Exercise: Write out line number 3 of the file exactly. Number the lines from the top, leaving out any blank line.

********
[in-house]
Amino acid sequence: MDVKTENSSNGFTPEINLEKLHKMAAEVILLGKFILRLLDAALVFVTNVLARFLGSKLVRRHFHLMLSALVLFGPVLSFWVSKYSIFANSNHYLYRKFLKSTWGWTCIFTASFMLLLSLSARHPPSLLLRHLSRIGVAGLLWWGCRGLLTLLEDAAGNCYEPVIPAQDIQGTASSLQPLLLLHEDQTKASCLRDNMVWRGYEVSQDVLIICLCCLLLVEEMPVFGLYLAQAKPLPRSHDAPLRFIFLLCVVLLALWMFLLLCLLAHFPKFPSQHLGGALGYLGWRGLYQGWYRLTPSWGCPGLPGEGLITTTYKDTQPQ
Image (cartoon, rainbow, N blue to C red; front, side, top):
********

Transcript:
Image (cartoon, rainbow, N blue to C red; front, side, top):